Imagine picking up your home, turning it upside down, and shaking it until all your personal belongings fall out. Visualize looking at every individual item that has accumulated in the resulting heap.
What do you see?
At first glance, you will likely find your furniture, televisions, and other large pieces. When we consider personal property, these are the things we usually think of. But, let’s take a closer look at your pile of possessions.
If you are like most people, you likely own much more than you originally thought. While it may be easy to think about replacing a couch, table, and a few chairs, what surprises most victims of a catastrophic event is just how much they actually owned – and the remarkable sum of money it took to replace every item.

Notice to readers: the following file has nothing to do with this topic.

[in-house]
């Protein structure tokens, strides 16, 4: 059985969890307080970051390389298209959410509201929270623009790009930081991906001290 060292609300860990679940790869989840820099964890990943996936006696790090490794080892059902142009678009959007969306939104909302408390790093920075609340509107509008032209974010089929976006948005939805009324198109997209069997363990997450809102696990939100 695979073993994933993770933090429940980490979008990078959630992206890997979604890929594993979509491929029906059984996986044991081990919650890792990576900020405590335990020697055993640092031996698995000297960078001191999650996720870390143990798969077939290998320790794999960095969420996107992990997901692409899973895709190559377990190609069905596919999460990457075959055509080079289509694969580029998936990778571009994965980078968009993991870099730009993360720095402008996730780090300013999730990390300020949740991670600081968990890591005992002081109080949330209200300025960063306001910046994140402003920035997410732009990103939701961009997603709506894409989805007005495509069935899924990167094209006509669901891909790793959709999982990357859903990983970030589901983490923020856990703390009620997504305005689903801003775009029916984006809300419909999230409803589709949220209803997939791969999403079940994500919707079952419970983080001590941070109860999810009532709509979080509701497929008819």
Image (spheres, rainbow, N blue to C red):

Think about the cost to replace just the smaller, less expensive possessions you own such as:
- Area rugs
- Coffee mugs
- Pots and pans
- Wine and spirits
- Children’s books
- Spoons and forks
- Household toiletries
- Socks and underwear
- Towels and dish clothes
The list could go on and on. If these items were lost to a fire or flood, along with the more obvious possessions like sofas and recliners, would you be able to afford to replace everything?
If not, you probably need personal property insurance.
Personal property insurance is not expensive, and most homeowners’ policies can include a coverage amount equal to 40 to 70 percent of the home’s value for little additional premium. If you are a renter, a renter’s policy can also include contents insurance along with your liability coverage for a reasonable premium.
It is important to note some valuables may be limited as to how much you may be reimbursed per item including:
- Works of art
- Cash and securities
Higher limits of insurance may be specifically purchased for exposures that are capped at a limitless than their total value. Other limits, exclusions, and restrictions may also apply. Seek guidance from a licensed insurance agent to fully understand your policy’s terms and conditions.